The quest for a Basque state and the right to self-determination are in conflict with the Spanish Constitution’s principle of national unity. Accordingly, Basque society is divided between those in favour of an even greater degree of autonomy, those who oppose autonomy altogether, and supporters of immediate independence. The latter rely on other recent European examples, such as Kosovo or Montenegro – both newly independent States with even smaller populations than the Basque Country. Even among the younger population (which is beginning to rediscover the value of Basque cultural associations, religious organizations, and sport clubs) autonomy is widely seen as a transitional phase. The nearly insoluble dilemma for the Basques is that neither maintaining the status quo nor expanding autonomy within Spain is sufficient to stabilize the situation. At the same time, the establishment of a regional citizenship or a voluntary association with Spain (as provided for in the rejected autonomy statute) would pose Madrid with the risk of other autonomous communities following suit. The much-feared “domino effect” of statehood is thus not only relevant to the Balkans, but also to some EU Member States.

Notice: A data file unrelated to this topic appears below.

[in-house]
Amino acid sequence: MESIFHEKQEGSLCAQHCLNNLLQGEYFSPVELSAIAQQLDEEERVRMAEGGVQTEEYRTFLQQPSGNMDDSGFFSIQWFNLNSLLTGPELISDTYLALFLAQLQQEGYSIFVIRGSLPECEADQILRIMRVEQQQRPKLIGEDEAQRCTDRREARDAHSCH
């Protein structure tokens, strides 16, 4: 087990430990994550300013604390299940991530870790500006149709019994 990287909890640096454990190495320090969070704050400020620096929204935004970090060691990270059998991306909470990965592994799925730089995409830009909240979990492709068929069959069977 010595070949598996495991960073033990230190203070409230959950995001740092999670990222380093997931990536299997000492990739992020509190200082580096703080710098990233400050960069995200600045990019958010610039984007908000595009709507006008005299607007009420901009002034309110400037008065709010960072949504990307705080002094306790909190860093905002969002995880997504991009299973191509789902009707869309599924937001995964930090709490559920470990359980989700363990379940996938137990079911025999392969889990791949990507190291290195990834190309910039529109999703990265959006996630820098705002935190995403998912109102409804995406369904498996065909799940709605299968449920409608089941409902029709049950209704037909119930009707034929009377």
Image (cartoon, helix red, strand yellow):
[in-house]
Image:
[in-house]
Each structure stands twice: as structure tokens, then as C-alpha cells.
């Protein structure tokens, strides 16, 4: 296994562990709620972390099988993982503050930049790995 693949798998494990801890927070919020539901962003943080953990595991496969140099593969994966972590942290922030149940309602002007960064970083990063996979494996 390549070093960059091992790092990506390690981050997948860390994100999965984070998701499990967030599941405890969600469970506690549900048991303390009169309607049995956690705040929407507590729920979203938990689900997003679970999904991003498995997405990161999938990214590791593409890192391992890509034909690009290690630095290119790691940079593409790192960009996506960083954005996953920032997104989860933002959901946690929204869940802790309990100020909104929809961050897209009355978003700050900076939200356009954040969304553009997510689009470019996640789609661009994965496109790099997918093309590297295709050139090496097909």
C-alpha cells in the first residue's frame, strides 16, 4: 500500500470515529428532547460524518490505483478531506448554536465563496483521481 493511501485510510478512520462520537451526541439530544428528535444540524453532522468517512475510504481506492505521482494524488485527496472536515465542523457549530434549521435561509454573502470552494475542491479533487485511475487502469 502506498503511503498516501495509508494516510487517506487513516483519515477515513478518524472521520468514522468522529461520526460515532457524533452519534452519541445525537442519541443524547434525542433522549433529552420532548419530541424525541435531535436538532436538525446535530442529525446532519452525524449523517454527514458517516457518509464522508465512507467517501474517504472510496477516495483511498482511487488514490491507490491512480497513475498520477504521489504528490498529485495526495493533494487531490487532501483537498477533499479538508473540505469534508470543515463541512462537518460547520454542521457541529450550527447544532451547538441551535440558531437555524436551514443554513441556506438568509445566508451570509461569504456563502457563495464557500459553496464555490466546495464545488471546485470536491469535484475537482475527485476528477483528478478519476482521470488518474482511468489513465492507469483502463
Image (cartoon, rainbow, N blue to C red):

Greenland and the Faroe Islands – On the road to statehood

Photo: Unsplash/Annie Spratt

Greenland and the Faroe Islands enjoy a very extensive territorial autonomy within Denmark. The special status of Greenland is characterized by its geographic location and the way of life of the Inuit ( Indigenous Peoples), who account for the majority of the 56,000 inhabitants. In addition to broad autonomy provisions and the customary law of the Inuit, Greenland has the right to negotiate agreements with other countries and to be a member of international organizations (such as the Nordic Council). Its three largest political parties cover the entire spectrum – from maintaining the current autonomy, developing autonomy in the context of national unity with Denmark, to complete independence from Copenhagen. In 2008, an overwhelming majority of Greenlanders voted to expand autonomy, and leading politicians aspire to independence only in the medium- to long- term. Independent statehood is only realistic with economic independence, which is at least 20-30 years away, as Greenland is currently dependent upon economic assistance from Denmark in the amount of 375 million U.S. dollars annually.